A barefoot running friend of mine passed along the following ‘recipe’ to toughen up the soles of one’s feet to run barefoot. It contains 1 cup of each of the following:
* hydrogen peroxide
* baking soda
* Epsom salt
* apple cider vinegar
Mix in a bowl & soak your feet for 10-20 minutes per day. My friend recommends doing this continuously as you gradually increase your barefoot running distance.
Other techniques that I have used successfully include:
* scraping the feet repeatedly over rough asphalt for 2-3 minutes daily
* running on a small stone/gravel road for 10-20 metres at a time daily, gradually building up to 2 to 3 kms.
* running over freshly poured asphalt to slightly singe the soles. The skin will callous quickly with minimal peeling, thus allowing you to run barefoot further with virtually no discomfort.
For those less ‘adventurous,’ try running on smooth asphalt or concrete – you’ll find this almost as easy as running barefoot on a grassy field – once again, gradually increasing the distance covered as your feet toughen up.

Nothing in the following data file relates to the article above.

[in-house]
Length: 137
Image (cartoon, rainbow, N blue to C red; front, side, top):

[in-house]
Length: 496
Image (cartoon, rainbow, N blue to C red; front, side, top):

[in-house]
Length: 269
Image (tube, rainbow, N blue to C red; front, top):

You’ll find that up to a certain temp. (around -5C), running barefoot actually keeps your feet warmer than running in any of the so-called ‘toe’ shoes. As hard as this is to believe, it makes perfect sense when you think of the warmth created by the toes being in contact as the blood flows into & out of them. In the ‘toe’ shoes, you don’t get the warmth ‘transfer’ – thus, your toes get progressively colder to the point of potential frostbite.
As we approach the Spring season in Canada, the best barefoot running weather is almost upon us. Jump into Coach Jeff’s Transitional/Natural Running Clinic that begins on Monday, March 26 @ 6:30 p.m. (Runner’s Mark store in Port Credit: 289-813-3999).